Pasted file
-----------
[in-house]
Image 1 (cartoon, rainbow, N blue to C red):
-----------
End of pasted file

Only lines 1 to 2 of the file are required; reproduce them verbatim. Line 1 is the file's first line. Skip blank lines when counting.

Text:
[in-house]
Image 1 (cartoon, rainbow, N blue to C red):